China's navy no longer so inferior to Japan's, experts say
While Japan's navy may have a qualitative advantage over China's, the much bigger People's Liberation Army is catching up, analysts say.
China's loss of the first Sino-Japanese war has been attributed to a disorganised navy. Although the northern fleet equalled, some say exceeded, the Meiji navy in terms of firepower, it was annihilated because it lacked coordination among its military units.
In sheer manpower, China has the upper hand, with Beijing putting the PLA Navy's strength at 235,000, or more than five times the number in the Japan Maritime Self-Defence Force.
But the Japanese navy has being training with modern warfare strategies, and with different units, for decades, according to Macau-based military expert Antony Wong Dong.
"PLA units are still exploring new ways to operate jointly, which could lead to merging their different weapon systems together," Wong said.
Toshi Yoshihara, an associate professor at the US Naval War College, said that although the Japanese navy was still superior in technological sophistication and experience, China was catching up quickly.
"China is out-building Japan virtually across the board," Yoshihara said.
He said the PLA Navy was deploying modern destroyers, frigates, fast-attack craft and submarines. "Japan is already having trouble keeping pace with this level of Chinese output."
As so many Chinese warships had entered production, adding mass and balance on the fleet, Japan could no longer rely on its qualitative advantage, Yoshihara said.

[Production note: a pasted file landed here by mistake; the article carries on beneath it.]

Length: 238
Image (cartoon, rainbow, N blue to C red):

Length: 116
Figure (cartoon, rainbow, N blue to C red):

But a deciding factor would be the support of the US Navy. "The US-Japanese alliance is essential to weighing the overall naval balance," he said.
China might even have the edge now, according to Dr Lyle Goldstein, an associate professor at the China Maritime Studies Institute under the US Naval War College.
"In my opinion, the forces are quite evenly matched now, but China may even have pulled ahead in recent years," Goldstein said. He added that this was not the official assessment of the US Navy.
Japan last year formally unveiled the biggest warship in its fleet since the second world war - the Izumo-class helicopter destroyer.
The 248-metre ship, due to enter service next year, is designed to carry 14 helicopters, and complements Japan's two serving Hyuga-class helicopter destroyers, which are 197 metres long and can accommodate 11 helicopters.
Shanghai-based military expert Ni Lexiong said the helicopter destroyers could function as aircraft carriers for US planes, while China had only one aircraft carrier, the Liaoning, although observers say more are in the works.
China required nearly 10 years to convert the 67,500-ton Soviet-built Varyag into the Liaoning. It was formally delivered to the PLA in September 2012, and so far has been used for training.
"But Japan's helicopter carriers have been battle-ready for more than three decades with the help of the United States," Ni said. "Every one of its carriers is able to operate independently in combat."
Japan also enjoys an advantage in submarines, according to Wong. The PLA's existing submarines, many of which are old models, have been criticised by Western forces as "too noisy and too easily detected", while Japan has some of the most technologically advanced diesel-electric submarines in the world.
"The gap between the two countries' military capability, especially in hardware, has been narrowed, as Beijing has made a priority of boosting defence spending since it began double-digit growth in the early 1990s."
In March, Beijing said the annual budget for the military would by 808.2 billion yuan (HK$1.02 trillion), a 12.2 per cent increase over last year, and slightly higher than the average 10 per cent increase.
"On the software side, there is still a huge gap," Wong said.
"The PLA needs more time to catch up."